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BILLY ROSE

BIOGRAPHY
 
Billy Rose

An American impresario, theatrical showman and lyricist.

He is credited with many famous songs, notably:

"Me and My Shadow" (1927)
"It Happened in Monterey" (1930)
"It's Only a Paper Moon" (1933)

Billy Rose was a major force in entertainment, with shows, such as Jumbo (1935), Billy Rose's Aquacade, and Carmen Jones (1943), his Diamond Horseshoe nightclub, and the Ziegfeld Theatre influencing the careers of many stars.

Billy Rose was inducted as a member of the Songwriter's Hall of Fame.

After divorcing comedian Fanny Brice, he had married Olympic swimmer Eleanor Holm.

Billy Rose began his career as a stenographic clerk to Bernard Baruch of the War Industries Board during World War I, and became head of the clerical staff.

Later he became a lyricist. In this role, he is best known as the credited writer or co-writer of the lyrics to "Me and My Shadow", "Great Day" (with Edward Eliscu), "Does the Spearmint Lose Its Flavor on the Bedpost Overnight" (with Marty Bloom),"I Found a Million Dollar Baby" (with Mort Dixon) and "It's Only a Paper Moon" (with E. Y. Harburg).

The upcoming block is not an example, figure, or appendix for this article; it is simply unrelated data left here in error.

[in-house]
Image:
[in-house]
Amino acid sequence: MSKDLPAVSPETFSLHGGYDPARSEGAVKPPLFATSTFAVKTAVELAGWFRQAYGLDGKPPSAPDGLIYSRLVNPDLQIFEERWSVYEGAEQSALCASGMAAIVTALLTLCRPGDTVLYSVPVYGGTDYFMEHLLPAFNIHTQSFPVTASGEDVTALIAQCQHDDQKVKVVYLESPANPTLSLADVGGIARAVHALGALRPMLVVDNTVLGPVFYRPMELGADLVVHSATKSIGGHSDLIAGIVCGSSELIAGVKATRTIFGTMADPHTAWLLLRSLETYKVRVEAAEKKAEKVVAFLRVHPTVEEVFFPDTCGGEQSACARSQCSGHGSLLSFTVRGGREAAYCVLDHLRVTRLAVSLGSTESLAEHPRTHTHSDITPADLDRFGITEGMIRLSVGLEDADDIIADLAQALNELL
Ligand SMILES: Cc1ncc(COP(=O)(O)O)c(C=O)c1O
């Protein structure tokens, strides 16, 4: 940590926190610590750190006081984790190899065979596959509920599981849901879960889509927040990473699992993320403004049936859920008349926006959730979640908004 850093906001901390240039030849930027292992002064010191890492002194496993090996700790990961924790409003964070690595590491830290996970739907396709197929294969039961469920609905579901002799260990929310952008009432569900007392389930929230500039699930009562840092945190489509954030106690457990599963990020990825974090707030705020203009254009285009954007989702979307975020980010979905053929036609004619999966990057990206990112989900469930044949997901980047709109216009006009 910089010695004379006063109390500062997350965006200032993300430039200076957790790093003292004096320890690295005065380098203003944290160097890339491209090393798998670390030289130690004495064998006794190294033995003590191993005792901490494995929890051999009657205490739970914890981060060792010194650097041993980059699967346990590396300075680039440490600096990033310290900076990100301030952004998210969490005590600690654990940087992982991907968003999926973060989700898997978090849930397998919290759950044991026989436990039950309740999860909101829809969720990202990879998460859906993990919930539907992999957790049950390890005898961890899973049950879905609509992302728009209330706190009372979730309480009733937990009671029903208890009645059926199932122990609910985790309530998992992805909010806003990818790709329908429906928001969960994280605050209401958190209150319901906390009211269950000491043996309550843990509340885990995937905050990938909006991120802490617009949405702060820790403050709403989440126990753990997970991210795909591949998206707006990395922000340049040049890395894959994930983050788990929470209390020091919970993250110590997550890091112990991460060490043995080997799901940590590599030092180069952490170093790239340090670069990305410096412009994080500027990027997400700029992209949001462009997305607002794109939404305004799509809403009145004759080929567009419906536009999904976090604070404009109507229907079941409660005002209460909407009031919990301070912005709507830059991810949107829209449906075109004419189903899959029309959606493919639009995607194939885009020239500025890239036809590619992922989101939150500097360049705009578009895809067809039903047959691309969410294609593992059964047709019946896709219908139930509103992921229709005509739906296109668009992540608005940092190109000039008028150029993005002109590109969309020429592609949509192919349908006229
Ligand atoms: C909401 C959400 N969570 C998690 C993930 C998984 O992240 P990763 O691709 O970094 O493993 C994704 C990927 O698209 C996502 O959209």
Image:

He went on to become a Broadway producer, and a theatre/nightclub owner. In June 1934, he opened The Billy Rose Music Hall at 52nd and Broadway in New York with the first Benny Goodman Orchestra. He produced Jumbo, starring Jimmy Durante.

In 1938, he opened Billy Rose's Diamond Horseshoe, a nightclub in New York City's Times Square in the basement of the Paramount Hotel.

In 1943, he produced Carmen Jones with an all-black cast. An adaptation of Georges Bizet's opera Carmen, the story was transplanted to World War II America by lyricist and librettist Oscar Hammerstein II. It was an instant hit.

It was made into a motion picture in 1954, for which Dorothy Dandridge received an Academy Award nomination.

From 1959 until his death in 1966 aged 66, he was also the owner/operator of the Billy Rose Theater.

 
 
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